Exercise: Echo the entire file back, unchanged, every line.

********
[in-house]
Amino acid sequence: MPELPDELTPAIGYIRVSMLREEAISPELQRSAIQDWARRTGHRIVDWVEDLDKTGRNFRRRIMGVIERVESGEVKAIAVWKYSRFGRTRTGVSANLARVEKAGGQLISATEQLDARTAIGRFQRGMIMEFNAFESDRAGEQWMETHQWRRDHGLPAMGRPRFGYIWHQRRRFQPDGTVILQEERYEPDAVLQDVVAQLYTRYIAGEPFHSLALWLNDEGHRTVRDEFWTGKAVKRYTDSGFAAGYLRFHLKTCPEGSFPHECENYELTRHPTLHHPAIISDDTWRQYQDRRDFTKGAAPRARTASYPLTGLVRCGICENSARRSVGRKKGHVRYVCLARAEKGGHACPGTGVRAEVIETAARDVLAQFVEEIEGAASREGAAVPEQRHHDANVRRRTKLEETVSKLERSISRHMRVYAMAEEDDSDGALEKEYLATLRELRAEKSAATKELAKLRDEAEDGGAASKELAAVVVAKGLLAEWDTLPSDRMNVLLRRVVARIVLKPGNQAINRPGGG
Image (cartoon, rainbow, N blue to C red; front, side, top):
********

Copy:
[in-house]
Amino acid sequence: MPELPDELTPAIGYIRVSMLREEAISPELQRSAIQDWARRTGHRIVDWVEDLDKTGRNFRRRIMGVIERVESGEVKAIAVWKYSRFGRTRTGVSANLARVEKAGGQLISATEQLDARTAIGRFQRGMIMEFNAFESDRAGEQWMETHQWRRDHGLPAMGRPRFGYIWHQRRRFQPDGTVILQEERYEPDAVLQDVVAQLYTRYIAGEPFHSLALWLNDEGHRTVRDEFWTGKAVKRYTDSGFAAGYLRFHLKTCPEGSFPHECENYELTRHPTLHHPAIISDDTWRQYQDRRDFTKGAAPRARTASYPLTGLVRCGICENSARRSVGRKKGHVRYVCLARAEKGGHACPGTGVRAEVIETAARDVLAQFVEEIEGAASREGAAVPEQRHHDANVRRRTKLEETVSKLERSISRHMRVYAMAEEDDSDGALEKEYLATLRELRAEKSAATKELAKLRDEAEDGGAASKELAAVVVAKGLLAEWDTLPSDRMNVLLRRVVARIVLKPGNQAINRPGGG
Image (cartoon, rainbow, N blue to C red; front, side, top):